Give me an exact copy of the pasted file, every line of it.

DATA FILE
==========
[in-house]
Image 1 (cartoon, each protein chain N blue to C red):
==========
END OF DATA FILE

[in-house]
Image 1 (cartoon, each protein chain N blue to C red):